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Gerrymandered voting districts are "breeding grounds for insane politicians"

Jan 3, 2017

In March of 1812, the Boston Gazette printed a political cartoon that showed the bizarre and twisted shape of a newly-redrawn election district.

The paper was responding to redistricting of the Massachusetts state Senate districts pushed through by Governor Elbridge Gerry. The redistricting certainly benefited the governor's Democratic-Republican Party.

The Gazette cartoonist thought one of those redrawn districts resembled a salamander. So he drew that district as a monstrous salamander with horned wings, fangs and a viper's tongue, and, in a hat tip to the governor, called it a "Gerry-mander".

That word is still used today when the majority political party draws the electoral map in its favor.

But how has gerrymandering affected the state of Michigan? Tom Perkins' recent piece in the Metro Times took a closer look and joined Stateside to talk about it. 

The headline in Perkins' article says it all: Once again, Michigan Dems receive more votes in the State House, but Republicans hold onto power.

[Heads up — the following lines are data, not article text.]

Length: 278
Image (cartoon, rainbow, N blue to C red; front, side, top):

Based on the numbers provided by the Secretary of State, Democrats received roughly 18,000 more votes in 2016, and yet, because of the way the voting districts were gerrymandered by Republicans in 2010, Republicans hold a significant majority in the House (63-47).

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According to Perkins, one of the negative byproducts of gerrymandering is that it creates "breeding grounds for insane politicians."

He references examples like the scandal involving Todd Courser and Cindy Gamrat and how difficult it was to get them removed from office. Another was Dave Agema, who made several controversial statements during his time in office, including sharing social media posts from the Ku-Klux Klan.

Another problem, according to Perkins, is that Republicans can push through unpopular legislation and it won't affect their chances of being re-elected. The emergency manager law and the ban on wolf hunting were both struck down by Michigan voters, only to be recreated in the Legislature and later signed by the governor. 

Listen to the full interview to hear about efforts in Wisconsin and Arizona to fight gerrymandering, and what Perkins means when he says the process is a "legal form of election theft".

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